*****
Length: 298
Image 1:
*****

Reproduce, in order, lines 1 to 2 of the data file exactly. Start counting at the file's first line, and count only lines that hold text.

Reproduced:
Length: 298
Image 1: